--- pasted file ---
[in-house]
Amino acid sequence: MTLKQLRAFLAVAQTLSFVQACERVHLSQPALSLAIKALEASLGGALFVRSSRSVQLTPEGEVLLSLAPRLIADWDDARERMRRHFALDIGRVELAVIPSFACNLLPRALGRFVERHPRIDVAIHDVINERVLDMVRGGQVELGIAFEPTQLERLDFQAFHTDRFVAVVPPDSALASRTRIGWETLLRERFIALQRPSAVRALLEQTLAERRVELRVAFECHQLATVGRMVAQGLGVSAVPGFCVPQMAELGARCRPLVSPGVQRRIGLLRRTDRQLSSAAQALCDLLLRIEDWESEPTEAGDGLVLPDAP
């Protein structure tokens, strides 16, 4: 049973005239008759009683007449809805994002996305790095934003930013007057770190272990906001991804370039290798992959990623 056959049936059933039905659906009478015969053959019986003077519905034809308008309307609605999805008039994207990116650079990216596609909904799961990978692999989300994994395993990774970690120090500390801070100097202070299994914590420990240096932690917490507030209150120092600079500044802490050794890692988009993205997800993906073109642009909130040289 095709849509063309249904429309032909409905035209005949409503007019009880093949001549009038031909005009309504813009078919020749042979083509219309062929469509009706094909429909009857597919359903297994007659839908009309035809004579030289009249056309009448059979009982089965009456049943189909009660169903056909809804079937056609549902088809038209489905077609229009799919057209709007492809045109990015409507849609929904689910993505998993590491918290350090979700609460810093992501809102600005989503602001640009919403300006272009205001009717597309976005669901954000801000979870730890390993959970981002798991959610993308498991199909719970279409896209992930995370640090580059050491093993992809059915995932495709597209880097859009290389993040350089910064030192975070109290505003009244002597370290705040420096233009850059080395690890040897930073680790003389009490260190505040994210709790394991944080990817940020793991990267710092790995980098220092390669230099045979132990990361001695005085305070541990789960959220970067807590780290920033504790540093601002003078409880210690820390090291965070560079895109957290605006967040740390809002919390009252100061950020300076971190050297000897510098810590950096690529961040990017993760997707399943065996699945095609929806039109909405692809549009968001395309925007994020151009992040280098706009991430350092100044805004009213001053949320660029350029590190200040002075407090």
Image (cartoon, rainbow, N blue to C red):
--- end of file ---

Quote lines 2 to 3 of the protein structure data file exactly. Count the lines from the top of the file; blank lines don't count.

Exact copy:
Amino acid sequence: MTLKQLRAFLAVAQTLSFVQACERVHLSQPALSLAIKALEASLGGALFVRSSRSVQLTPEGEVLLSLAPRLIADWDDARERMRRHFALDIGRVELAVIPSFACNLLPRALGRFVERHPRIDVAIHDVINERVLDMVRGGQVELGIAFEPTQLERLDFQAFHTDRFVAVVPPDSALASRTRIGWETLLRERFIALQRPSAVRALLEQTLAERRVELRVAFECHQLATVGRMVAQGLGVSAVPGFCVPQMAELGARCRPLVSPGVQRRIGLLRRTDRQLSSAAQALCDLLLRIEDWESEPTEAGDGLVLPDAP
């Protein structure tokens, strides 16, 4: 049973005239008759009683007449809805994002996305790095934003930013007057770190272990906001991804370039290798992959990623 056959049936059933039905659906009478015969053959019986003077519905034809308008309307609605999805008039994207990116650079990216596609909904799961990978692999989300994994395993990774970690120090500390801070100097202070299994914590420990240096932690917490507030209150120092600079500044802490050794890692988009993205997800993906073109642009909130040289 095709849509063309249904429309032909409905035209005949409503007019009880093949001549009038031909005009309504813009078919020749042979083509219309062929469509009706094909429909009857597919359903297994007659839908009309035809004579030289009249056309009448059979009982089965009456049943189909009660169903056909809804079937056609549902088809038209489905077609229009799919057209709007492809045109990015409507849609929904689910993505998993590491918290350090979700609460810093992501809102600005989503602001640009919403300006272009205001009717597309976005669901954000801000979870730890390993959970981002798991959610993308498991199909719970279409896209992930995370640090580059050491093993992809059915995932495709597209880097859009290389993040350089910064030192975070109290505003009244002597370290705040420096233009850059080395690890040897930073680790003389009490260190505040994210709790394991944080990817940020793991990267710092790995980098220092390669230099045979132990990361001695005085305070541990789960959220970067807590780290920033504790540093601002003078409880210690820390090291965070560079895109957290605006967040740390809002919390009252100061950020300076971190050297000897510098810590950096690529961040990017993760997707399943065996699945095609929806039109909405692809549009968001395309925007994020151009992040280098706009991430350092100044805004009213001053949320660029350029590190200040002075407090």